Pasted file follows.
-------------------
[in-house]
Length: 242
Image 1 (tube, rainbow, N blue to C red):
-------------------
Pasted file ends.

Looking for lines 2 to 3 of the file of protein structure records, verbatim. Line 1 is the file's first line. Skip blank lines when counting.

Length: 242
Image 1 (tube, rainbow, N blue to C red):